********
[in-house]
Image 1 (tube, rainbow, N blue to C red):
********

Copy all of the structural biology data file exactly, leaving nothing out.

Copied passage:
[in-house]
Image 1 (tube, rainbow, N blue to C red):